manoverboard logo

I never liked the word “brand” or even the very idea of “branding”. Both of these terms reek of 1950s-era Mad Men scenes of drinking and misbehaviour and the smell of cheap marketing. More recently, the concept of branding has come to mean something more like “revamping an organization inside and out, including but not limited to creating new reasons for existing.”

But there is something powerful about the word, still. Branding, and its kinder cousin rebranding, is truly what we do every day for our clients: creating transformative visual and written products and platforms that tell a story and connect them with their customers, donors, and members.

Most often, what we’re talking about here is identity. For nearly fifteen years at Manoverboard, we have created new visual identities and the systems to support them. Much of our identity work includes developing a marketing and content strategy and then producing the requisite communications tools, including organizational logo, brand standards guide, business collateral, and a content-driven website that gets both noticed and found. But what happens when you are a design firm and your brand has become tired?

Why Rebrand When You Can Redesign?

After six years of living with our tried and true and black and blue visual identity, we set out on a path to invent something new. We rebranded. And we redesigned our business.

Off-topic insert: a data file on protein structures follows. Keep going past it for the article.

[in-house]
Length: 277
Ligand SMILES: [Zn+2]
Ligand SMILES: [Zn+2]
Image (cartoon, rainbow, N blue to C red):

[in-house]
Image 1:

Why? Three main reasons:

  1. Manoverboard is evolving like all businesses — and while the work in our portfolio has grown stronger every year, our brand had become dusty. We required an updated visual identity that would have the same substance and vitality of the work being provided to clients.
  2. Rebranding meant an opportunity to examine exactly what our clients experience in their engagements with us. It was important for us to understand the fundamentals again, and to see where pain points occur. It would also give us a chance to further refine our own processes for the next client and the one after that.
  3. The rebrand is an opportunity to rethink our values and value proposition. While both are important to every business, as a purpose-driven company, these are even more intimately connected. (And in the ideal world, our clients love us for both.) Rebranding — and all good design — means identifying values and differentiators and finding ways to depict them through the application of metaphor, colour, typography, and iconography. We wanted that.

Land Ho!

colour page from brand guidelines

How did we get from there to here? We hired a small, external team of incredibly talented and young designers to help us. It was a risky move but it was also the right one. We knew that we were too close to the business and we held too many biases about what was possible to do this hard work ourselves. Had we tackled the identity in-house, I’m pretty confident we would have circled back to exactly where we landed six years ago. Furthermore, I am a big believer in asking for help when you need it. That’s what clients do when they come to us. With the right consultancy, minds and models change quickly and more authentically. And feedback loops are stronger and outcomes are more significant.